The 9-1/2 in. vertical section in the endorheic Tarim basin of China, is drilled through the Triassic – Devonian stratas, which are composed of mudstone, sandstone, conglomerates, dolomites, and in some instances volcanics. Bits drilling these formations lacked durability in the volcanics and had issues with slow rates of penetration (ROP) and bit balling in claystones. The previous bit designs also failed to maximize the potential performance benefits provided by the percussion performance drilling system (PPDS). The PPDS combines the torsional power of a conventional positive displacement motor with a mechanically created high-frequency axial motion.
The objective was to improve the drilling performance through a system matched approach of optimizing the polycrystalline diamond compact (PDC) bit design for use on the PPDS.
A highly focused research and development team conducted a more in-depth study of the unique mechanism of the PPDS, PDC bit design characteristics, and factors affecting their performance when used in conjunction. The team came up with a new approach that involved designing a cutting structure for PPDS applications that maximized aggressiveness while maintaining optimal durability. This was accomplished by strategically setting the back rake of each cutter to suit its respective trajectory based on the application requirements. The optimized back rake applied to each cutter allowed the required depth of cut (DOC) to be achieved at a minimum weight on bit (WOB) while maximizing the volume of leached diamond presented to the rock for improved durability. An in-depth knowledge of the cutter geometry, composition, leaching, and positioning was required to conduct this process. Specific depth-of-cut control (DOCC) features that engage at a pre-defined depth of cut were also incorporated. The depth of cut at which the DOCC features engaged was optimized by matching the calculated bit torque to the PPDS based on the lithology of the section drilled.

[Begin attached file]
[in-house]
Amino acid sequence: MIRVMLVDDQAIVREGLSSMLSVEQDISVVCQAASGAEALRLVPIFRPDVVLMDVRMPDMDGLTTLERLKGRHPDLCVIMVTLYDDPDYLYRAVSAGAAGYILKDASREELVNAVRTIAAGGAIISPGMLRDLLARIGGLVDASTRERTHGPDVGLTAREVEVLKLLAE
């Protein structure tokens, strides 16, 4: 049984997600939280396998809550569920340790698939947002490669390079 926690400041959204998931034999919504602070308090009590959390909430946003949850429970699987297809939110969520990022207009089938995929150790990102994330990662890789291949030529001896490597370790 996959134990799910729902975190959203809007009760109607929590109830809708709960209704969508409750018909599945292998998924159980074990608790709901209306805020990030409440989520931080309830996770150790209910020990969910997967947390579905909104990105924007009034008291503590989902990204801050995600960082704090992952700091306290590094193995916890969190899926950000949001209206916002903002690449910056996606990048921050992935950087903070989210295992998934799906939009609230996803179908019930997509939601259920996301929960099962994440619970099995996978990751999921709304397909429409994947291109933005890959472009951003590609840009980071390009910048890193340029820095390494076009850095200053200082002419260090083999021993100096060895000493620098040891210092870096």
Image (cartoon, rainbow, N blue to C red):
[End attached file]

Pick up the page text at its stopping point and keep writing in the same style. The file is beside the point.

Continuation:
Two different PDC bits were designed based on the new system matched approach. Detailed laboratory tests using these designs were then conducted to validate and justify the optimization methodology and incorporated bit features. Immediate field trials of the newly designed bits along with the PPDS were then conducted. The runs delivered record breaking drilling performances in terms of increased penetration rates, proving the system matched approach of optimizing bit designs for use on PPDS.
When optimizing drilling performance, completing a specific interval in the fastest time possible is a key requirement. One of the main contributing factors for improved performance is the drill bit, which needs to have an optimized cutting structure that is matched to the drive type to meet the application's needs.
The paper introduces a novel approach of system matching the high performance percussion performance drilling system (PPDS) with an optimized drill bit design for improved drilling performance.